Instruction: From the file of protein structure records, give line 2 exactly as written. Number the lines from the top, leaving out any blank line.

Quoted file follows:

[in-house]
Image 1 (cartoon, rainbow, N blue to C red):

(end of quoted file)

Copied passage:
Image 1 (cartoon, rainbow, N blue to C red):